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Ruins of ancient cities : with general and particular accounts of their rise, fall, and present condition (Volume 1) online

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judge of its ancient form ; only it appeared to have
been built of most beautiful white marble, and no
less admirable stone."

There are also remains of several old sepulchres ;
and- among these was lately found an inscription
relative to something dedicated to Ceres and her
daughter, by Fabius, the Dadouchos. Another is
in the wall of a cottage, and is relative to a member
of the Areopagus, who erected a statue to his wife.

The temple of Neptune is supposed to have been
near the sea, where traces now remain, composed of
dark Eleusinian marble. The foundations of the
ancient tombs are still visible ; but there are no
remains of the city walls ; but a long wall, which
united it with the port, may be still traced with little

The temple of Venus, which was of the Doric
order, is now a mass of rubbish, among which have
been found several marble doves of the natural si/e.

Many fragments, says Mr. Dodwell, have probably
been removed, owing to its propinquity to the sea,
and the consequent facility of exportation. The
church of St. Zacharias is almost entirely composed
of ancient fragments. This is probably the situation
of the temple of Diana ; and of a large ancient well
he supposes to be that mentioned by Pausanias,


round which the women of Eleusis danced in
honour of the goddess.

There were also temples dedicated to Triptolemus
and Neptune, the father ; but of these not a frag-
ment remains*.


ELIS was formed, like many of the Grecian cities,
more especially in the Peloponnesus, by the union of
several hamlets.

It was a large and populous city in the time of
Demosthenes; but in that of Homer it did not

Elis was originally governed by kings, and re-
ceived its name from Eleus, one of its monarchs.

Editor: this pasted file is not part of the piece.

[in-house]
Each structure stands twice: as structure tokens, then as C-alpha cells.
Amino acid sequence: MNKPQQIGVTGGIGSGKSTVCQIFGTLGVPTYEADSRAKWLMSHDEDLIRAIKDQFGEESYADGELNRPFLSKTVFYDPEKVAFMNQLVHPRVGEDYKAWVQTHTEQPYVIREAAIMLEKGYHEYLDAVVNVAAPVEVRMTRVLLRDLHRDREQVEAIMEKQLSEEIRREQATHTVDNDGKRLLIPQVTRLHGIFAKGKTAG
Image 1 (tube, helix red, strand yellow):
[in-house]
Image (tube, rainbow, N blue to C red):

It was famous for the horses it produced, whose cele-
brity was so often tried at the Olympic games.

" On our arrival at Elis," says Anacharsis, " we
met a procession on its way to the temple of Minerva,
and that made part of a ceremony, in which the
youth of Elis contended for the prize of beauty. The
victor was led in tiiumph ; the first, with his head
bound with ribands, bore the weapons to be conse-
crated to the goddess ; the second conducted the
victim ; and the third carried the other offerings.
I have often seen similar contests in Greece, for the
young men ; as well as for the women and girls.
Even among distant nations, I have seen women ad-
mitted to public competitions ; w r ith this difference,
however, that the Greeks decree the prize to the
most beautiful, and the barbarians to the most

This city was once ornamented with temples,
sumptuous edifices, and a number of statues. Among
these was particularly distinguished the group of
the Graces, in a temple dedicated to them. They

* Rollin ; Barthelemy ; Wheler ; Chandler ; Sandwich ;
Clarke j Hobhouse ; Dodwell.

300 in- ixs <ii

habited in a light and brilliant drapery ; tin 1
first held a myrtle branch in honour of Vrnns ; the
second, a rose, to denote the spring ; the third, u 'lie,
the symbol of infant sport <.

The ehicf t-nriosity at Elis, however, was a statue
of Jupiter, formed by Phidias*. The serene ma i
and l>eauty of this piece of sculpture ranked it
among the wonders of the world. Jupit'T was re-
presented sitting upon a throne, with an olive wreath
of gold about his temples ; the upper part of his
body was naked ; a wide mantle, covering the rc-t of
it, hung down in the richest folds to his feet, which
rested on a footstool. The naked parts of the statue
were of ivory ; the dross was of beaten gold, with an
imitation of embroidery, painted by Pana>nus, bro-
ther of Phidias. In the right hand stood the goddess
Victoria, turning towards the statue, and carved, like
it, out of ivory and gold ; she was holding out a
band, with which she appeared desirous to encircle
his olive crown. In his left hand the divinity held
a parti-coloured sceptre, made of various metals skil-
fully joined, and on the sceptre rested an eagle.
Power, wisdom, and goodness, were admirably ex-
pressed in his features. He sat with the air of a
divinity, presiding among the judges of the games,
and dispensing the laurel wreaths to the victors, calm
in conscious dignity. The statue was surround) d
with magnificent drapery, which was drawn aside
only on particular occasions, when the deity was to
be exhibited. A sense of greatness and splendour
overwhelmed the spectator, the height of the figure
l>eing about forty feet.

The structures of Elisf seem to have been raised
with materials far less elegant nnd durable than the
produce of the Ionian and Attic quarries. The
ruins are of brick, and not considerable ; consisting